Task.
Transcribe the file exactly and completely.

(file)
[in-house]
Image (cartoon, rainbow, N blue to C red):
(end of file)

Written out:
[in-house]
Image (cartoon, rainbow, N blue to C red):